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THE CATHOLIC VEGETARIAN SOCIETY’S 5TH NATIONAL CONFERENCE

Alma Massaro is the secretary of the Catholic Vegetarian Society in Italy. Here she reports on their 5th national conference held on 6th June 2015 in Milan to which CCA general secretary, Chris Fegan was invited.

BY ALMA MASSARO – June 2015

Italian CVA 1The Associazione Cattolici Vegetariani (ACV) held its fifth national meeting in the civic centre of Milan, in Italy, inside the ancient Basilica of Sant’Ambrogio on 6th June 2015. The meeting has been sponsored by the Municipality of Milan, the Archdiocese of Milan and EXPO 2015. The title of the meeting was ‘Non di solo pane vivrà l’uomo ma di ogni parola che esce dalla bocca di Dio – L’alimentazione nel Cristianesimo: la scelta vegetariana’ (‘Not by bread alone does man live, but by every word that proceeds from the mouth of God – Alimentation inside Christianity: the vegetarian choice’).

At the beginning of a warm Italian, almost-summer day, Mons Erminio De Scalzi, Auxiliary Bishop of Milan and Abbott Pastor of the Basilica of Sant’Ambrogio, opened the day introducing the audience to the issues of the meeting. Recalling the Sermon on the Mount, he connected the ‘meekness’ with the wellbeing of the Earth and affirmed: ‘Inside the eyes of the vegetarian there is something of the meek’s gaze’. Recalling the encyclical Rerum novarum, Mons. De Scalzi presented the need for ‘an ethical food chain’ as both a Christian need and a Christian duty and concluded his foreword by mentioning the communitarian dimension of Christianity: ‘Christianity is the most widespread religion on this Planet. With our choices we could make a big difference’.

Food and Spirituality

Mons. Eugenio Binini, Bishop Emeritus of Massa Carrara, was the first speaker of the day. He offered a series of different meanings of food: a gift that God gives to all His/Her creatures; a language, a way to communicate; a sign of God’s love – ‘the God who provides’; relationship, it expresses our need to be loved; and, last but not least, an expression of our way of being in this world.

The second speaker of the day was father Guidalberto Bormolini, priest of the Comunità dei Ricostruttori and PhD candidate at the Pontificio Ateneo Sant’Anselmo. ‘Food discipline’, he said, ‘is crucial inside spiritual ascesis; spiritualization is not a punishment but a sublime pleasure that permits humans to delight in superior pleasure’. Following Church Fathers, father Bormolini explained food ascesis as the first step to move from carnal love to mystic love. In this sense food ascesis is not deprivation or punishment but rather a preparation (from Greek, askesis: the physical preparation of the athletes). He concluded recalling Sant’Ambrogio, who affirmed that ascesis is a crucial way to sustain body wellbeing – a body that, as the Bible says, is ‘the temple of the Holy Spirit’.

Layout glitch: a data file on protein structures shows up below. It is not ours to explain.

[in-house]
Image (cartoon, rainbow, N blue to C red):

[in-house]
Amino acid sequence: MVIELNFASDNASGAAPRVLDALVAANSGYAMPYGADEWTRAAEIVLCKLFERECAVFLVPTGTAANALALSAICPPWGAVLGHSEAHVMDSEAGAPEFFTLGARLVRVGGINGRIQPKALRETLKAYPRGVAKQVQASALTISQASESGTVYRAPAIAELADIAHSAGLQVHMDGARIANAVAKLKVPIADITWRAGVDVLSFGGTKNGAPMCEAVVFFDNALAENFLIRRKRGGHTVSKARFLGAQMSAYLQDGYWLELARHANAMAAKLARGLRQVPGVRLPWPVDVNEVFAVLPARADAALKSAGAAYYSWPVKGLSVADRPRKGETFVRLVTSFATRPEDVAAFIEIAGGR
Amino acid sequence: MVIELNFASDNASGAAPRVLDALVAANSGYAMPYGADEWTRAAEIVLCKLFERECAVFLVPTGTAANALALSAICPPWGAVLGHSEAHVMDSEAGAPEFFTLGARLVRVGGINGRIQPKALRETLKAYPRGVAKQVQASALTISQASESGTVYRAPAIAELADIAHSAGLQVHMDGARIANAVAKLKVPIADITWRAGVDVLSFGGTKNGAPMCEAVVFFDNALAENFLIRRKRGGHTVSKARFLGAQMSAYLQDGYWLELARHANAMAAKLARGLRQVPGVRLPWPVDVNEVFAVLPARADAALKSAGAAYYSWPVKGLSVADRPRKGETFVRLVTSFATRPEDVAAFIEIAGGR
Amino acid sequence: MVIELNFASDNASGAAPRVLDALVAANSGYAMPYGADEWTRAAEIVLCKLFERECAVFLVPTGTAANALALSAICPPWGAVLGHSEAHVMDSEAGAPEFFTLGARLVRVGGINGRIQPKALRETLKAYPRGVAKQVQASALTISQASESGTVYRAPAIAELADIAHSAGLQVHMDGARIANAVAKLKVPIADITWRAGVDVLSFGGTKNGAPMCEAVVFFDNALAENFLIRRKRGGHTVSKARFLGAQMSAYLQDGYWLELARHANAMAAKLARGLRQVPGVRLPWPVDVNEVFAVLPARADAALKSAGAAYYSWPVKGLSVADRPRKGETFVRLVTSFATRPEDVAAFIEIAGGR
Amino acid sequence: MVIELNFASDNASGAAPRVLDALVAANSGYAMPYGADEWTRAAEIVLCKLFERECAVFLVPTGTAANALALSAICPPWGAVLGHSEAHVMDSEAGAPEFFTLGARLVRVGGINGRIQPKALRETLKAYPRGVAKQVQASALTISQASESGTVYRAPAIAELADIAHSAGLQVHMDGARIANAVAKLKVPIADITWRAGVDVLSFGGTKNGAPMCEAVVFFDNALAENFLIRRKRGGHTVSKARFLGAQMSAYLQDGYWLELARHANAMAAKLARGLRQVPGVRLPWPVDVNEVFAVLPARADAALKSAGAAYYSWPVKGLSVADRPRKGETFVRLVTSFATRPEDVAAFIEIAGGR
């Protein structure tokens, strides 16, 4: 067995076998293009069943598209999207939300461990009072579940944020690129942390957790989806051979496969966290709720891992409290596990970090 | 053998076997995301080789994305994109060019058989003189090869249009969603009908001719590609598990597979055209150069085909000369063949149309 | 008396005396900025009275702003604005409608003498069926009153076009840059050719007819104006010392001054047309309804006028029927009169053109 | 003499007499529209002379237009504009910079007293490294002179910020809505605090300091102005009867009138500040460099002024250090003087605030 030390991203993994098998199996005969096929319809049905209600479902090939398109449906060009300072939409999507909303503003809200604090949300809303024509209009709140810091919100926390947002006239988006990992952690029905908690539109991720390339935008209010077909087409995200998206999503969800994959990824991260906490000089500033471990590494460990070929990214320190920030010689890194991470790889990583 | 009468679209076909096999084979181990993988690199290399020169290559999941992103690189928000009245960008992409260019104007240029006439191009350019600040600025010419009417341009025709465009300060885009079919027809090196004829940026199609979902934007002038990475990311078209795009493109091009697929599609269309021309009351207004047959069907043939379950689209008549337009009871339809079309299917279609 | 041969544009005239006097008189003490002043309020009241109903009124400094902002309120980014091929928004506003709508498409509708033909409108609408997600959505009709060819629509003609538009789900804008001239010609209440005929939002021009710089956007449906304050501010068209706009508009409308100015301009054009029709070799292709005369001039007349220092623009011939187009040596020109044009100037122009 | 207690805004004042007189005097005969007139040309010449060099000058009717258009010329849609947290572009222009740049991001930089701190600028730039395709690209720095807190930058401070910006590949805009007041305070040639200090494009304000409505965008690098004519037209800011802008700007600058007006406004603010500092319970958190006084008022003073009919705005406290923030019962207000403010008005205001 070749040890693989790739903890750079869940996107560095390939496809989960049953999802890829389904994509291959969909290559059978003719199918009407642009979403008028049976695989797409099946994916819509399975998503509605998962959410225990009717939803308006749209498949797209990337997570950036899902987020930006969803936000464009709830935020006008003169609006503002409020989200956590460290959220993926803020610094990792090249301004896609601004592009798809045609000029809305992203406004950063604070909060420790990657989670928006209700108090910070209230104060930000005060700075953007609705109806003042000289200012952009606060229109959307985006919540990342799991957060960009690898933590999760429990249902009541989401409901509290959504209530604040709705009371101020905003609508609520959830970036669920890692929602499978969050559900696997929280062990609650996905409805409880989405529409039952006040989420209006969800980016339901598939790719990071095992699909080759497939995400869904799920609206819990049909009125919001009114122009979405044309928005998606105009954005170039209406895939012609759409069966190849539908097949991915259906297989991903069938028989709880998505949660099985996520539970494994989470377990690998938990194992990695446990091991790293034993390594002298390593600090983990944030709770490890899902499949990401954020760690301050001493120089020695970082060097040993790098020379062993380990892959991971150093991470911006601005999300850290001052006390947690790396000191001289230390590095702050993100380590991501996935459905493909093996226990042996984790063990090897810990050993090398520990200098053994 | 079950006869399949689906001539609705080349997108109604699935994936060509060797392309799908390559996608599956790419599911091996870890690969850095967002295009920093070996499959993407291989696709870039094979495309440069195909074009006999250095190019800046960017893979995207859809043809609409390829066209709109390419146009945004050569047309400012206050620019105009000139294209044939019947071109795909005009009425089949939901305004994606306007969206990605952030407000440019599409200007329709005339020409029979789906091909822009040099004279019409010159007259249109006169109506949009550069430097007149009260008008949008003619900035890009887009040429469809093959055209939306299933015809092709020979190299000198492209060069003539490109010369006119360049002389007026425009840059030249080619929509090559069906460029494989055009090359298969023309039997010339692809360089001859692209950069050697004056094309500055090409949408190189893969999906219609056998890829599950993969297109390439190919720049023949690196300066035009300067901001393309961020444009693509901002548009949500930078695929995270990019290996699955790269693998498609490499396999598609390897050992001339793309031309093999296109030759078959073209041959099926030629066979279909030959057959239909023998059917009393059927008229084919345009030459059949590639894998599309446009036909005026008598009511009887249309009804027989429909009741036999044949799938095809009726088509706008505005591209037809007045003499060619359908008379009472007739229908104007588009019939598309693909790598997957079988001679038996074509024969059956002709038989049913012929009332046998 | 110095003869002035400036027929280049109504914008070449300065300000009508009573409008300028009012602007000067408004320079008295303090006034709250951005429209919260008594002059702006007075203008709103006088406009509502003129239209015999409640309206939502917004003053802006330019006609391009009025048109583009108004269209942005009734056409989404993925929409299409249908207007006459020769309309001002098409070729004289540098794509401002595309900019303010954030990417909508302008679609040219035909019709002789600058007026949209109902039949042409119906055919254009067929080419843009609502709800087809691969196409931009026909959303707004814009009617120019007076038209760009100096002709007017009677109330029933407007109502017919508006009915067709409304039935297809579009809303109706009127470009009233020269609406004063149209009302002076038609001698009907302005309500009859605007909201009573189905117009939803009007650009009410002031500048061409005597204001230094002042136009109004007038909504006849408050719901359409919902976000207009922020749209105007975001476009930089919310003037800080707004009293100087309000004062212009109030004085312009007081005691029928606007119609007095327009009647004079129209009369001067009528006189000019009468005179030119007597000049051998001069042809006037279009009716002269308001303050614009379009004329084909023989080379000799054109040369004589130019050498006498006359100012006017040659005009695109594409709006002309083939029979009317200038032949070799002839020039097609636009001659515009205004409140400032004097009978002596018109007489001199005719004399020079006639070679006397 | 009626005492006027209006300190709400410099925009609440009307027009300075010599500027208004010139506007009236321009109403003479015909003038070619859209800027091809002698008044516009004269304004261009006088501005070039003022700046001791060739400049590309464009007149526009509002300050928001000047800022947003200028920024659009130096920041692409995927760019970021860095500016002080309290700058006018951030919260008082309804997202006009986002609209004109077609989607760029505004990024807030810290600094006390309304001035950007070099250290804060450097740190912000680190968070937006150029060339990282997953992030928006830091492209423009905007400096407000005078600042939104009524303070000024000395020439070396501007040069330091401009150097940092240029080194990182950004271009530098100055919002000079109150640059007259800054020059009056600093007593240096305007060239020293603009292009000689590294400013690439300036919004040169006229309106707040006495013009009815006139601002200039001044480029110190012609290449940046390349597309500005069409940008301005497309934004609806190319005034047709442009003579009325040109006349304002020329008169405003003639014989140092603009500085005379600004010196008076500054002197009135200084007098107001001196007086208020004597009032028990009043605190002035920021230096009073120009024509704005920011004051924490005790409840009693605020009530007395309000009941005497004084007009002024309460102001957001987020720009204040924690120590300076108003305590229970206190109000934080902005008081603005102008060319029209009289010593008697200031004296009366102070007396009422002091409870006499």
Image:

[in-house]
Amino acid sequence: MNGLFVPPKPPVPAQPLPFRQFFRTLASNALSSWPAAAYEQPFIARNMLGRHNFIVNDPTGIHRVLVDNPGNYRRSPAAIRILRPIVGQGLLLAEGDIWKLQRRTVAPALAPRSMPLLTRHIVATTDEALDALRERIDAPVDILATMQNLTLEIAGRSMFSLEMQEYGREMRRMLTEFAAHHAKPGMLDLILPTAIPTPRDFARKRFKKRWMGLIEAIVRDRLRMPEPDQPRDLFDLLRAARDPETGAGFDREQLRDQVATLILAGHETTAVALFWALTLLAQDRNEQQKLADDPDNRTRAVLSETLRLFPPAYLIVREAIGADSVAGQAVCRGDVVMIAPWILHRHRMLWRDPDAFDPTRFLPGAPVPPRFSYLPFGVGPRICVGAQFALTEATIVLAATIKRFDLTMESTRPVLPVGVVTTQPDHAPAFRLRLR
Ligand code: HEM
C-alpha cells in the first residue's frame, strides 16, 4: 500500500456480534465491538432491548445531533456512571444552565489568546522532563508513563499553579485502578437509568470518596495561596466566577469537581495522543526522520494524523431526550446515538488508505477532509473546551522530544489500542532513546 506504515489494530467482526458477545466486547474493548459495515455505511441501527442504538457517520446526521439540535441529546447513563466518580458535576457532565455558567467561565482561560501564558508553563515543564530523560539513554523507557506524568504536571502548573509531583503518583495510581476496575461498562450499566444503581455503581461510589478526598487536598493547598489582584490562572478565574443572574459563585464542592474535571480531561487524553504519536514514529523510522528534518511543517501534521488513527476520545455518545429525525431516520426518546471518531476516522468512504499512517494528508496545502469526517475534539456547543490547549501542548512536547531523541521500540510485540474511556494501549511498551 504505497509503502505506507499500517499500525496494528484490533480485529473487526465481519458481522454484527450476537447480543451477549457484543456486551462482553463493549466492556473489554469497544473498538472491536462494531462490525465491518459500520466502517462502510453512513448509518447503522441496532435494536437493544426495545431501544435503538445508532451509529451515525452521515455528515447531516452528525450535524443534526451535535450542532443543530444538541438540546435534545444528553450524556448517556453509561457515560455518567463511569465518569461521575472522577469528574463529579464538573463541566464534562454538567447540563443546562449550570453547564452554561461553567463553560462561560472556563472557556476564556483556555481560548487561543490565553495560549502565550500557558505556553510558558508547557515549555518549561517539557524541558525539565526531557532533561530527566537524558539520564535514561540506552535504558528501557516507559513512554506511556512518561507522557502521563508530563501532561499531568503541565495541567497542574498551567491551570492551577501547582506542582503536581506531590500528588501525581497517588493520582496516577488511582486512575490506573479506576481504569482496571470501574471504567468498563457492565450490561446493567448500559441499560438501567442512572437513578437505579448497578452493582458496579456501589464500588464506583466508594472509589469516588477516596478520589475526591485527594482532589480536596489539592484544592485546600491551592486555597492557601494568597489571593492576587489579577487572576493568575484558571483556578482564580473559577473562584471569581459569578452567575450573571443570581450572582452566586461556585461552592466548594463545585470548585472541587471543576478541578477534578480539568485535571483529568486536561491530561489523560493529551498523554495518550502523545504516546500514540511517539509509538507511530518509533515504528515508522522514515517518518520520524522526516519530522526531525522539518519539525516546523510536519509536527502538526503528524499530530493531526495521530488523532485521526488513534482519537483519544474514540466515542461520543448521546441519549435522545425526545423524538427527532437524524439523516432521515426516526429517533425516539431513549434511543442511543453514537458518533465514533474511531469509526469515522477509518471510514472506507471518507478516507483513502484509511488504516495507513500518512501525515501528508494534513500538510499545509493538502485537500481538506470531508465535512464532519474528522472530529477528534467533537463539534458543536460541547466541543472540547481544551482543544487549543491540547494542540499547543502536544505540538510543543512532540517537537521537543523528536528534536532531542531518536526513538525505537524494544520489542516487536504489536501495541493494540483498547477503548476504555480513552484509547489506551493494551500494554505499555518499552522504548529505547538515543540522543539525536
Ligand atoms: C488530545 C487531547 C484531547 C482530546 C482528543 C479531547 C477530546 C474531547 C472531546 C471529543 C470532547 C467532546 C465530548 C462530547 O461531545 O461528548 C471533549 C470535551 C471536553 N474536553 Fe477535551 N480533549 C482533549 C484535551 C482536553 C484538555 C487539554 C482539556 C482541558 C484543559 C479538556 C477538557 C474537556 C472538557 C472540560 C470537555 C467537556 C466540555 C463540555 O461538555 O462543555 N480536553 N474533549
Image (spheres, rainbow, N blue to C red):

After the lunch break, a video from Paolo De Benedetti and a talk from Gianfranco Nicora, respectively, a theologian and a member of the Istituto Italiano di Bioetica, introduced the public to the too-often forgotten meaning of creation. Humans, they said, are viceregent of God, therefore their duty is ‘to dress and to keep it’ and not to act as a tyrant, exploiting animals and nature. The creation in fact is ‘God’s you, that is, His/Her loving project’. In this sense, they concluded, what we eat has a deep religious, but also social, meaning.

The fourth speaker of the day was Mons. Luca Bressan, professor at the Facoltà Teologica dell’Italia Settentrionale and the Episcopal Vicar for Culture, Charity, Mission and Social Action of the Archdiocese of Milan. He concentrated his speech on the educational role of food. Food, he explained, is relationship with God – God feeds us; but it is also relationship with our neighbour every time we help them to answer to their needs. Food therefore is solidarity. In this sense it is possible to understand the importance of the educational role of food, which is not only ascesis, and therefore feast, but also banquet. And the banquet, explained Mons. Bressan, permits a deeper understanding of our relationships with others and with God, a fact that emerges from the Eucharist.

A Common Aim

At the end of the day, the conference closed with the presentation of the Italian Associaizone Cattolici Vegetariani (ACV) and Catholic Concern for Animals (CCA). Dr. Manuela Bastianelli is vice-president of ACV, while Mr Chris Fegan is general secretary of CCA. Through the voices of the speakers there clearly emerged the common aim of these organizations, that is to spread a deeper understanding of Christian love towards all God’s creatures.

The conference closed with the Mass inside the Basilica. It had been a brilliant day, inside the charming environment of Sant’Ambrogio at the very heart of Milan. ֍